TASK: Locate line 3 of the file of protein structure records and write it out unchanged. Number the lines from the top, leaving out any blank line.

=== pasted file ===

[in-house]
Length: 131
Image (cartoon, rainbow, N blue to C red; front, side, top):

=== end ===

Image (cartoon, rainbow, N blue to C red; front, side, top):